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Companies spend big bucks to advertise during the Super Bowl, but very few invested in LGBTQ representation this year, according to GLAAD’s Visibility Project.
The media advocacy organization reported that among the commercials that aired during the big game on Sunday, just four explicitly featured LGBTQ people — Rakuten (Christian Siriano), GM x Netflix (Jonathan Van Ness and Antoni Porowski), Google Pixel (Doja Cat) and Doritos (Elton John) — while the NFL’s own halftime spot, “Run With It,” included Billie Jean King. In all cases, the celebrities appeared in brief cameos and the spots did not include “LGBTQ storytelling,” as GLAAD put it. (McDonald’s, however, did air a pre-Super Bowl spot that featured a queer and non-celebrity couple.)
“It’s unfortunate that LGBTQ-inclusive advertising was not more prevalent during the Super Bowl this year,” GLAAD president and CEO Sarah Kate Ellis said in a statement. “Though we saw a similar quantity of representation to 2022, there was a clear lack of intersectional representation. At a time when LGBTQ rights are being put in jeopardy through harmful legislation across the country, we call on brands to leverage the audience reach and cultural impact of an event like the Super Bowl to bring LGBTQ people and issues into the mainstream conversation.”
Super Bowl LVII’s “minimal” LGBTQ representation matched 2022 and 2021’s total of four LGBTQ-inclusive spots each. Although last year, NFL employee Maureen Raisch, a trans artist, designed the Super Bowl logo, the Los Angeles Rams had a record-high of five out gay cheerleaders, and deaf actress Sandra Mae Frank wore a Progress Pride pin while singing the national anthem and “America the Beautiful” on the field. GLAAD reported that there were at least 11 LGBTQ-inclusive ads that aired during the 2020 Super Bowl.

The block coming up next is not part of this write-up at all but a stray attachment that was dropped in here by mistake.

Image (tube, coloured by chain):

On the Wednesday before this year’s game, GLAAD partnered with the league for A Night of Pride, hosted by Lance Bass and attended by NFL commissioner Roger Goodell. The event, held at Phoenix’s Sheraton Downtown, featured two panel discussions sponsored by Smirnoff and Yahoo!, respectively: Coming Out as an LGBTQ Corporate Ally, featuring executives from Diageo, the NFL, Hello Sunshine and Frito-Lay, and LGBTQ NFL Experience, featuring former NFL defensive end R.K. Russell (the league’s first active player to come out as bisexual), Carolina Panthers dancer Justine Lindsay (the league’s first out trans cheerleader) and Hampton defensive back Byron Perkins (the first HBCU player to come out as gay).
GLAAD launched its Visibility Project in partnership with P&G in 2021 in order to promote LGBTQ inclusion in advertising and marketing. That year, the Geena Davis Institute on Gender in Media reported that just 2 percent of characters in ads at the Cannes Lions festival were LGBTQ, whereas 5.6 percent of Americans (and one in six Generation Z-ers) identify as part of the community. The project has so far released two studies indicating that inclusive media representation leads to greater understanding and also that industry executives and non-LGBTQ viewers both seek more authentic inclusion of LGBTQ people.
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